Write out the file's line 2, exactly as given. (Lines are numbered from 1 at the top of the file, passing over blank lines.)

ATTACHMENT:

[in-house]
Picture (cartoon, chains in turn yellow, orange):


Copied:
Picture (cartoon, chains in turn yellow, orange):